A tennis player at Princeton who allegedly accepted $33,000 from a booster has earned the university the dubious honor of being the first Ivy League college in 36 years to run afoul of NCAA rules in a major infractions case.
The NCAA said the booster, who is an alumnus of Princeton’s men’s tennis program, provided the sum to a player on the women’s tennis team during the 2007-8 academic year and the fall of 2008 to help pay for her educational expenses. (Princeton, like all Ivy League institutions, does not offer athletic scholarships.) The booster and the athlete met during the summer before her freshman year of high school at a tennis club near their homes.
As punishment, the NCAA instructed the university to vacate the athlete’s individual records during the 2007-8 year and the fall of 2008.
The NCAA’s report stated that Princeton, in its written response to the allegations, “attempted to minimize the significance” of the $33,000 donation.
The university’s argument went like this: The dollar amount of the booster’s assistance “was entirely a function of the cost of the Princeton education,” minus the athlete’s financial-aid award from the university. In other words, if it cost less to attend Princeton, the booster would have paid less. (For a lengthier explanation of this interesting theory, go to Page 3 of the NCAA’s public report.)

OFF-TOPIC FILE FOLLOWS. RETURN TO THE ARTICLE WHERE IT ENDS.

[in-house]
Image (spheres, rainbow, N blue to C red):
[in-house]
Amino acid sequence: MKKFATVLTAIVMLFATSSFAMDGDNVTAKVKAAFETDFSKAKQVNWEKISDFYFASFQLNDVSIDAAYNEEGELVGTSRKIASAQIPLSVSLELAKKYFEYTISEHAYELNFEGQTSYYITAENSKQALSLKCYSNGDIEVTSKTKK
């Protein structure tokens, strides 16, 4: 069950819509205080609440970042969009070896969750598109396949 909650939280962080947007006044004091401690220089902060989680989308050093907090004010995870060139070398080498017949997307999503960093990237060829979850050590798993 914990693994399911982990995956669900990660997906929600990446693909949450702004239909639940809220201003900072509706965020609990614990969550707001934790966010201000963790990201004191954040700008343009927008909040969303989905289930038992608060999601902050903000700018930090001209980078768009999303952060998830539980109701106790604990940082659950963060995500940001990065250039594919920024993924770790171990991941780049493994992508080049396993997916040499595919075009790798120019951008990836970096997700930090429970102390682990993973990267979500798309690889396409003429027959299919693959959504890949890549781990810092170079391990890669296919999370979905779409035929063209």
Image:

Today the university issued a lengthy statement saying it had “mixed reactions” to the NCAA’s findings and giving a detailed account of the background of the case. The university does not plan to appeal the decision.
It’s extremely rare for an Ivy League institution to get caught up in a flap over NCAA rules violations. Only three other Ivy programs have been sanctioned by the NCAA since 1953, when the association started keeping such records. The most recent was in 1974, when the NCAA placed Cornell on probation for recruiting violations in its men’s ice-hockey program. A few months later, “unethical conduct” by coaching staff members on the men’s basketball team, among other missteps, triggered an additional year of probation.
Yale has the distinct honor of being the first Ivy to run afoul of NCAA rules. Those sanctions came in 1970, when the Bulldogs allowed a basketball player to participate in “unauthorized, outside, organized basketball competition during the summer of 1969,” according to the public report. The NCAA placed Yale on probation for two years and banned the Bulldogs from postseason competition and television appearances.